Bucharest: A Jewel in the Rough

I’m taking a travel writing class at the moment, it was my birthday present from my parents because I couldn’t afford it myself. We’ve learned about structure and picking out a few key moments from your trip to weave into the narrative rather than a blow-by-blow account of everything you did over the course of the trip which is how I would usually write. I tried to mirror my own feelings of the trip not going quite to plan yet still being fun with how the city isn’t quite what you’d expect from it but still a delight to visit anyway. I’m not sure how strongly that comes across so as before, any criticism is welcome!

The street sign emblazoned with Xenofon Street crept into view and my excitement piqued. This was it; this was what we’d spent our morning trying to seek out. We stumbled further up the hill, our Instagram feeds were going to thank us for making this pilgrimage – it would all be worth it. We reached the foot of the steps and I couldn’t help but burst out laughing. The glorious piece of literal street art we’d been looking for was nothing like we had expected. Instead of a waterfall of colourful paints we were met with a set of steps crumbling to dust like the ancient ruins of Dracula’s castle. “Is this it?” asked Erica tentatively as I tried to hide my disappointment, “It’s not quite how it looked on Pinterest is it?” No, it most certainly was not. In fact it couldn’t have been a more perfect metaphor for the entire trip. Great expectations but in reality not quite what you hoped for.

This was my first ever girls holiday. First ever group holiday really having only travelled with ex boyfriends, family or, preferably, solo before and I was starting out big. Seven of us were sharing an apartment in Bucharest for the weekend (albeit not the original apartment we had booked, that one had cancelled on us without explanation a mere 48 hours before our arrival sending us into a panicked frenzy to find a replacement) having scored cheap flights with Ryanair several months earlier. Romania had never really been on my radar before then and I had no idea that the three-hour flight time plus the two-hour time difference would eat into our weekend quite so dramatically.

Lack of time meant that we spent the majority of it in Bucharest’s Old Town (also known as Lipscani), probably one of the youngest old towns in the world having been redeveloped into the hub of activity it is today just a few years ago. Cobbled lanes are bustling with both tourists and locals alike having spilled out of pubs onto terraces and outdoor seating areas despite the February chill.

Bucharest is not a postcard pretty city, while at ground level it may be packed with pubs, restaurants and shops, looking up (or down at the pothole filled streets) gives a whole new perspective as most of the buildings are derelict in nature above the first floor. This is just hidden behind false facades and massive billboards and the further from the centre you go the less they try to hide this dilapidation.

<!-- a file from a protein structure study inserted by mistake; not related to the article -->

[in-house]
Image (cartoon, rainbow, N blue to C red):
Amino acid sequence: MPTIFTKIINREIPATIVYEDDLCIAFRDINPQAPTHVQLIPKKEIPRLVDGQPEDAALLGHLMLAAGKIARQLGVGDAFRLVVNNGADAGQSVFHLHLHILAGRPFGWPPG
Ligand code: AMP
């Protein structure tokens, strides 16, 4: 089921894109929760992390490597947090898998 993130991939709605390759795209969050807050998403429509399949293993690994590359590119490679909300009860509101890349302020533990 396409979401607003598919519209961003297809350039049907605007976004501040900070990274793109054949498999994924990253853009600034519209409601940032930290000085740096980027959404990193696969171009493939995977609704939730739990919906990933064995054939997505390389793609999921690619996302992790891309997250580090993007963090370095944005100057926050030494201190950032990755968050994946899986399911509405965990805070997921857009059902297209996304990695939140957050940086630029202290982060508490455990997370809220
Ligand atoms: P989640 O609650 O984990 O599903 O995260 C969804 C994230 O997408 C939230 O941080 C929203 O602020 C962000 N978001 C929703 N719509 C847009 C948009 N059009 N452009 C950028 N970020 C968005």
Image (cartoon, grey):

This urban decay however adds to the charm and allows the cities gems shine even brighter. Drinking a glass of wine at the bar in Caru’ cu Bere with its cathedral-like stained glass windows, dark wood spiral staircases and mosaic flooring after a full day exploring was a highlight for me. As was happening upon Carturesti carusel, a spacious bookshop – that also happens to sell wine – spanning several floors which is every bibliophile’s dream (is there anything more indulgent than sitting down with a good book and a glass of cool, crisp white?) and provided a quiet escape from the busy streets.

In the courtyard of the Stavropleos Monastery a nun lights a candle as part of a religious ritual, while inside the church a peaceful calm washes over me after a stressful afternoon of worrying that no one was having a good time after the faux pas of the morning’s Xenofon steps debacle. Every inch of the inner walls showcases golden gilt work, beautiful carvings and striking paintings many of which have had to be delicately restored over the years. Built in 1724 the monastery has suffered through various earthquakes as well as some intentional demolition leaving this church all that stands of the original building.

We didn’t indulge in the hedonistic nightlife the city is famous for – two consecutive early morning flights will do that to you. Instead, we rounded out the weekend with a three-course meal of authentic Romanian food at Hanul lui Manuc, the oldest restaurant in the city, in an attempt to spend the silly amount of Leu we still had left over. The atmosphere was welcoming and homely, and the service was friendly.  As we ordered platters of cheese, croquettes, meatballs and vegetables to share before plates of Bavarian veal goulash, chicken breast schnitzel and my own choice of traditional pork-stuffed cabbage leaves served with polenta, hot chilli peppers and crispy bacon were delivered to the table. Despite being stuffed to bursting we soldiered on and ordered an array of desserts to finish. Everything is ridiculously cheap in Bucharest and somehow even after splashing out on a more expensive bottle of wine our meal still came in well under £20 per head.

Bucharest may not be a conventional tourist location and the city might be a little rough around the edges but it has a heart of gold that’s well worth looking for.

4 thoughts on “Bucharest: A Jewel in the Rough

  1. Thanks for writing, I had never really considered Romania for a weekend away prior to reading. Would love to read your thoughts on the writing class and whether you thought it was worth the time and (birthday) money!

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